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Information and resources

Photo: Resources for deaf children and young people and their families

We've developed a range of publications and resources with our partners across South Asia, East Africa and Latin America. These are available to download as PDFs below.

Glue Ear

Glue ear is one of the most common childhood illnesses. Between 10% and 20% of school children in East Africa and South Asia have had glue ear at least once. This booklet provides information for parents and families on what glue ear is, how to recognise if your child has the condition, and what can be done to help if your child is diagnosed with glue ear.

How can you make sure deaf children and young people are included?

More than 34 million deaf children worldwide and 80% of them live in developing countries. Most have little or no language when they start primary school.

We want to share different ways to include deaf children and young people in their family, in education and in their community. We support projects in South Asia, East Africa and Latin America to give deaf children access to communication including sign language from birth.

Language and Communication

The Language and Communication paper aims to provide further information for our partners; for families of deaf children and for deaf children and young people themselves as well as for other audiences who may want to learn more about deafness and how it affects children and their families, especially those living in low resource settings.

Language and communication are vital in everyday life and the sooner deaf children are supported to acquire these skills, the better they will be able to develop social and emotional well-being, to negotiate and to learn.

Achieving academic excellence in deaf learners: the influence of early exposure to rich language

Our report Achieving academic excellence in deaf learners focuses on the ways which special education teachers in Kenya support the early language development needs of deaf children. In partnership with VSO Kenya, the research revealed that many deaf children in Kenya have significant challenges learning to communicate and in some cases are delayed by as much as ten years in the development of their first language. The study also found that teachers are unprepared to support deaf children and were confused about how to teach Kenyan Sign Language (KSL), compared to other languages. The research also provides recommendations which can support the Government of Kenya to fulfil its commitments to children with disabilities and help improve early year’s education for deaf children.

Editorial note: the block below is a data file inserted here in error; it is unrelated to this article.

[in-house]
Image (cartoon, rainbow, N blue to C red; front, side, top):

Deaf education development programme young people's consultation report

In partnership with Childreach Tanzania, we consulted with deaf young people in Tanzania to explore their knowledge of the challenges they face when leaving school and their experiences of accessing information and support to transition to an independent life.

The report summarises consultation activities held with deaf young people during August 2017.

Deaf role model evaluator training report

In Kolkata in October 2017, we trained eight deaf role models to be project evaluators so they could lead the end of project evaluation with deaf children and young people. The four day training covered evaluator skills, safeguarding, confidentiality, communication, information gathering and reporting.

The training was a huge success and the deaf role models showed considerable strengths, specifically: communication skills, the ability to positively engage with deaf children, reliability, patience, enthusiasm and an impressive commitment to their role.

Sign language resources

We have developed sign language books in Kenya, Uganda and Tanzania to help families communicate with their deaf child and and ensure deaf children are included in family and community life. 

Language development books

We have produced a series of three books in Bengali to support community based rehabilitation workers, parents, families and school teachers in teaching sign language to deaf children in an informal, relaxed and engaging manner.

The books provide a framework for:

  • teaching sign language
  • improving reading and writing skills using pictures and signs
  • carrying out workshops using vocabulary and conversation from everyday life.

Download the books here:

Family Friendly Manual

The Family Friendly resource, published in 2008, aims to raise awareness of the important role that parents and families can play in the lives of their deaf children and in their communities. It is written for all those who want to know more about parental involvement in support for deaf children, but especially those who are involved in providing services for deaf children and their families.